Study design: Prospective cohort study.
Objective: To identify the determinants for improvement in pain, functional limitations, and quality of life in low back pain (LBP) patients, and to evaluate whether return to work (RTW) can be predicted by these factors and associated improvement in health-related aspects.
Summary of background data: It is unclear to what extent prognostic factors for the course of LBP and consequent functional limitations are similar to prognostic factors for RTW.
Methods: A total of 103 LBP patients on sickness absence for 3 to 12 weeks filled out three questionnaires: at inclusion, and after 3 and 6 months. Information on the duration of sickness absence was gathered from occupational health services.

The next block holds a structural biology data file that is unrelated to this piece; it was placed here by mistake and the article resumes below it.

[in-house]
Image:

Results: Different personal characteristics determined pain, functional limitations, and quality of life at baseline. These dimensions all improved over time, significantly during the first 3 months. Working at 3 months had a positive impact on all three dimensions. In the multivariate model, RTW was positively associated with male gender and recurrent LBP, whereas it was negatively associated with the level of functional limitations at baseline.
Conclusion: Except for male gender, the primary determinants for improvement in pain, functional limitations, and quality of life were not associated with RTW. Although there is a large coherence in the improvement in the outcome measures, RTW seems primarily determined by the level of experienced functional limitations.